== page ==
I came out of the trees and drove through a winter-green field that was filled with snowy egrets and blue herons feeding by a grassy pond. Ahead I could see the coast, the palm fronds whipping in the wind, and the waves cresting and blowing out on Lake Borgne and the Gulf. The air was cool and flecked with sunlight and smelled like salt and distant rain. And I realized that in the west the sun had broken through the gray seal of clouds, and left a rip in the sky like a yellow and purple rose.
Tony was right. Minos didn't believe me, particularly after I gave him a tape recording that contained a long blank space between the fire in the airplane hangar and Jimmie Lee Boggs's watery statement about Tee Beau's innocence in the murder of Hipolyte Broussard. But I didn't care. I had grown weary of federal agents and wiseguys, narcs and stings and brainfried lowlifes, and all the seriousness and pretense we invest in the province of moral invalids. I had decided it was time to let someone else wander about in that neon-lit moonscape, where we constantly try to define the source of our national discontent, until our unsated addictions target an antithetically mixed, quixotic figure like Tony Cardo, and lead us away from ourselves. I don't know what happened to him. The DEA found his Lincoln, his only means of transportation, at the camp, but they matched the tire treads to fresh tire tracks at the hangar where he kept his plane. Perhaps he paid somebody to drive the Lincoln back to camp; however, the DEA also found his plane still in the hangar. One of Minos's fellow workers, one who was enraged at the fact that the additional fifty thousand dollars given me in the sting had been burned up in the hangar fire, theorized that Tony had had someone else fly a plane into the airstrip and pick up him, Paul, and Jess Ornella. But federal agents in Guadalajara who visited Tony's ranch outside Zapopan reported that Tony had not been seen in the area for almost a year. The next time I saw Minos in Lafayette, to plan a fishing trip, I mentioned Tony's name. He yawned, picked up a file folder off his desk, and showed me a photo of a man whose facial features looked back at me with the dirty luminescence and dark clarity characteristic of booking-room photography.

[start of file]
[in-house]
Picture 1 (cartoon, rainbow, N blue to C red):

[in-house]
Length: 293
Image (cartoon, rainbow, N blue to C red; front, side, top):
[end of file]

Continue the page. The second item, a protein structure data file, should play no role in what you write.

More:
"You know this guy?" he said.
"He lives in Metairie. He's a new boy on the block. We'd like very much to get him into our gray-bar hotel chain. He-"
But now it was I whose eyes began to glaze, and who tried not to yawn at the sound of the rain on the oak trees outside the window.
Two months later I received a creased and dog-eared envelope postmarked in Lake Charles. Inside it was a color photograph of Paul smiling in a fighting chair on the stern of a sport fishing boat. Squatted down next to the chair, with a four-foot tarpon held in both arms, the enormous hook still protruding from its dead mouth, was Jess Ornella, his jailhouse tattoos as blue against his tan as the sea behind him. With his back turned to the camera was a shirtless man in a huge Mexican sombrero who was baiting a mullet on a feathered spoon. His curly hair was cut short and glistened with sweat above his tiny ears. In the background was a biscuit-colored beach with a few hot-looking, wilted palm trees on it and a desiccated wooden dock, strung with drying butterfly nets, that extended out into the surf.
Someone had written in ballpoint on the back of the photograph:
You said around New Iberia you have to knock the bass back into the water with a tennis racket. That's pretty good. But you ought to try this place. The reefs are so crowded with kingfish there's not room for them all. Just yesterday I saw a couple of them walking down the highway carrying their own canteens. We're living on warm breezes and bananas fried in coconut oil. I'm clean and free, Dave. The tiger went away. Maybe you ought to get yourself a Roman collar, or at least by now I hope you've lost the badge and your dipshit colleagues. Face it, you dug being in the life. Even Jess thought you were one of us. That'd worry me.